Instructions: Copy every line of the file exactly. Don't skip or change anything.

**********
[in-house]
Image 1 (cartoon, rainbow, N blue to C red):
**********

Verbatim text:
[in-house]
Image 1 (cartoon, rainbow, N blue to C red):